COOKEVILLE –Nearly 60 high school juniors and seniors from 41 counties across Tennessee converged on Tennessee Tech’s campus recently to participate in the inaugural Tennessee Leadership Summit.
The high school students were chosen by their individual county’s Farm Bureau to participate in the inaugural event that was held at Tech in partnership with the Tennessee Farm Bureau Federation.
“I was impressed with how motivated and professional these students were even before coming here,” said Dennis Duncan, director of the School of Agriculture. “They were leaders even before they came to this event and my hopes are that it encouraged them to make bigger impacts at home.”
To prepare for this summit, Duncan looked at other institutes held at other universities and formed an advisory committee. Advisory committee members were Phillip Baker of the Putnam County Farm Bureau, School of Agriculture faculty member and Tennessee FFA Foundation Development Coordinator Joenelle Futrell, Tennessee Farm Bureau staff members Kristy Chastain and Melissa Bratton, college of agriculture and human ecology recruiter Samantha Bain and Vice President of Advancement Kevin Braswell.
Agriculture and human ecology students also helped, along with eight full-time counselors and two assistants.
During the summit, students discussed a number of topics and heard from a variety of speakers on leadership, including Congressman John Rose, Tennessee State Rep. Ryan Williams, Putnam County Mayor Randy Porter and Cookeville Mayor Ricky Shelton.
“They explored the different leadership styles and who they are as a leader,” said Aaron Lay, an agriculture communications major who was also a summit counselor.
Students also had the opportunity to discover their individual strengths and who they are as leaders.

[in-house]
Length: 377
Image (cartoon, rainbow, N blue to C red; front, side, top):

“They learned how we as a group of leaders can accomplish our goals through support and teamwork,” said Hannah Steger, a sophomore who is studying merchandise design and summit counselor. “The students were also taught how to display their leadership skills in the community by taking action through volunteer work.”
A number of popular subjects were also brought up by the students, from the value of teamwork to ways of becoming better leaders.
“We heard from Justin Crowe and listened to his stories and experiences,” said counselor and agricultural education and communications major Katelynn Cammack. “After the groups went to their service projects, I feel like a lot of stuff he said connected.”
Another speaker also resonated with the students.
“We also heard from Matt Niswander who discussed about treating everyone as an ace even though they may be a two,” Cammack said. “His quote of ‘treat the janitor like the CEO’ was also popular with the students and something they said when we reflected every night.”
The counselors said the students were extremely excited and had a great time while on Tech’s campus.
“I heard multiple comments of how this event was one of the best and most fun events they had been to and participants were already asking about opportunities to come back next year if they were eligible,” Lay said.
Groups of eight students each had their own service projects, from working at the Cookeville Rescue Mission, Freedom School, distributing meals at the Methodist Church pantry, cleaning up areas outside of Cookeville Regional Medical Center and on the Tennessee Central Rail Trail from the Farmer’s Market to 12th Street and on campus at the Child Development Center.
“The students kept going and I feel like making sure they also had some fun throughout the week helped overall, so the students were allowed to learn and become better leaders while also enjoying their time away from home,” Cammack said.
Participants also expressed a desire to come back to next year’s summit – and showed interest in enrolling at Tech when the time comes.
“They enjoyed the opportunity to network with other students as well as industry leaders,” said counselor and sophomore agriculture business major Madison Phillips.
Duncan is already hard at work to make next year’s summit bigger and better.
“My goal is to have participants from every county in the state,” he said. “We’re going to expand community service options as well.”
This event strengthened Tech’s relationship with Tennessee Farm Bureau, which sponsored numerous events throughout the week. Other state and global agricultural industries also contributed by sponsoring sessions and events.
“It’s a great recruitment tool, not only for the university but for the college of agriculture and human ecology,” Duncan said.